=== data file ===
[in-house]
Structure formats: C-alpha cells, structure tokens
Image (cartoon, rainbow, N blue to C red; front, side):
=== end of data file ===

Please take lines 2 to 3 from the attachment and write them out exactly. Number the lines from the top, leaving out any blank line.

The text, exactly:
Structure formats: C-alpha cells, structure tokens
Image (cartoon, rainbow, N blue to C red; front, side):